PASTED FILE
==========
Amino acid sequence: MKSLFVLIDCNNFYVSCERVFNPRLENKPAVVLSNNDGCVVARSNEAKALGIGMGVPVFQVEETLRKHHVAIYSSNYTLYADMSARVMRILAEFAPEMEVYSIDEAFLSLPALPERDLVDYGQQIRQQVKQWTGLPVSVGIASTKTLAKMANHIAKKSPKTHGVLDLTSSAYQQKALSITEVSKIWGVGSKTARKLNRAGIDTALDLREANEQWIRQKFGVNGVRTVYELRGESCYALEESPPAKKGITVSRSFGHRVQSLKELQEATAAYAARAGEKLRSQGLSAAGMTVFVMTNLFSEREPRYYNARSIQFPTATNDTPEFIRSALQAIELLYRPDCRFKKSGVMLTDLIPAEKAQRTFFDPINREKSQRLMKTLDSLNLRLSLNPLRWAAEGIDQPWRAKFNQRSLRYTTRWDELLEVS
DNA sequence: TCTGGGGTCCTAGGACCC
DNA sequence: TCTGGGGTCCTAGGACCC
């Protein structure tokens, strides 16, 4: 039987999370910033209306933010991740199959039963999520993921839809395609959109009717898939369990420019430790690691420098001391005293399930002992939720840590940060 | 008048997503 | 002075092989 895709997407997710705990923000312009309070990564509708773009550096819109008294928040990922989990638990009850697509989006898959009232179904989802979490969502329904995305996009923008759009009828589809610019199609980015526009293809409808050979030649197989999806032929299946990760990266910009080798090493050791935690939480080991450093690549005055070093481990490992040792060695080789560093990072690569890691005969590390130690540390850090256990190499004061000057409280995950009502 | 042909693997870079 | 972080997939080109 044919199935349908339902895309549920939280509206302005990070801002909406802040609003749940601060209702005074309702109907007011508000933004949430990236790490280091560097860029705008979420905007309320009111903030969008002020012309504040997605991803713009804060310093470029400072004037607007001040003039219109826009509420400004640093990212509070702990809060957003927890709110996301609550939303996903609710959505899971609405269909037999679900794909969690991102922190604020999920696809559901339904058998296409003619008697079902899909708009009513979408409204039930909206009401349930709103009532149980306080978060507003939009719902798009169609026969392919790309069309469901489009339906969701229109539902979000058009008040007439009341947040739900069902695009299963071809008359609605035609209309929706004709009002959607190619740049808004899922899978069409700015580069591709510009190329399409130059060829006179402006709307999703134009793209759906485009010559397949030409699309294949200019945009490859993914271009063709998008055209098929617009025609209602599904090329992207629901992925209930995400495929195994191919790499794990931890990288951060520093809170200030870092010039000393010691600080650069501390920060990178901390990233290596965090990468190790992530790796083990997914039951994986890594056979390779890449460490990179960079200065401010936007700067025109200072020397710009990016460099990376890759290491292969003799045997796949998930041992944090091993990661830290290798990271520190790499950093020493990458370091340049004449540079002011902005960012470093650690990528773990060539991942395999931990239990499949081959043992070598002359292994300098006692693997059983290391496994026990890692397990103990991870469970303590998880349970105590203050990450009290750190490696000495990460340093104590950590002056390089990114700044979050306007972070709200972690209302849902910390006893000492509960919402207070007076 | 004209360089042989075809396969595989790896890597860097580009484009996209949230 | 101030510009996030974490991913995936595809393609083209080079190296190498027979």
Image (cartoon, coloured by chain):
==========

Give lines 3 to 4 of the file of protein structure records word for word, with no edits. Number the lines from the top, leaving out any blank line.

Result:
DNA sequence: TCTGGGGTCCTAGGACCC
């Protein structure tokens, strides 16, 4: 039987999370910033209306933010991740199959039963999520993921839809395609959109009717898939369990420019430790690691420098001391005293399930002992939720840590940060 | 008048997503 | 002075092989 895709997407997710705990923000312009309070990564509708773009550096819109008294928040990922989990638990009850697509989006898959009232179904989802979490969502329904995305996009923008759009009828589809610019199609980015526009293809409808050979030649197989999806032929299946990760990266910009080798090493050791935690939480080991450093690549005055070093481990490992040792060695080789560093990072690569890691005969590390130690540390850090256990190499004061000057409280995950009502 | 042909693997870079 | 972080997939080109 044919199935349908339902895309549920939280509206302005990070801002909406802040609003749940601060209702005074309702109907007011508000933004949430990236790490280091560097860029705008979420905007309320009111903030969008002020012309504040997605991803713009804060310093470029400072004037607007001040003039219109826009509420400004640093990212509070702990809060957003927890709110996301609550939303996903609710959505899971609405269909037999679900794909969690991102922190604020999920696809559901339904058998296409003619008697079902899909708009009513979408409204039930909206009401349930709103009532149980306080978060507003939009719902798009169609026969392919790309069309469901489009339906969701229109539902979000058009008040007439009341947040739900069902695009299963071809008359609605035609209309929706004709009002959607190619740049808004899922899978069409700015580069591709510009190329399409130059060829006179402006709307999703134009793209759906485009010559397949030409699309294949200019945009490859993914271009063709998008055209098929617009025609209602599904090329992207629901992925209930995400495929195994191919790499794990931890990288951060520093809170200030870092010039000393010691600080650069501390920060990178901390990233290596965090990468190790992530790796083990997914039951994986890594056979390779890449460490990179960079200065401010936007700067025109200072020397710009990016460099990376890759290491292969003799045997796949998930041992944090091993990661830290290798990271520190790499950093020493990458370091340049004449540079002011902005960012470093650690990528773990060539991942395999931990239990499949081959043992070598002359292994300098006692693997059983290391496994026990890692397990103990991870469970303590998880349970105590203050990450009290750190490696000495990460340093104590950590002056390089990114700044979050306007972070709200972690209302849902910390006893000492509960919402207070007076 | 004209360089042989075809396969595989790896890597860097580009484009996209949230 | 101030510009996030974490991913995936595809393609083209080079190296190498027979």